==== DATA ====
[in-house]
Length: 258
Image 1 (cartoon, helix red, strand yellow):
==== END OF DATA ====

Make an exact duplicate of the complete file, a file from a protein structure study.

[in-house]
Length: 258
Image 1 (cartoon, helix red, strand yellow):